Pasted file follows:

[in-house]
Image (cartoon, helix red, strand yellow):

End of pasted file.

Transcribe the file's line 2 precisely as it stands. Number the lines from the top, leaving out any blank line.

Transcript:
Image (cartoon, helix red, strand yellow):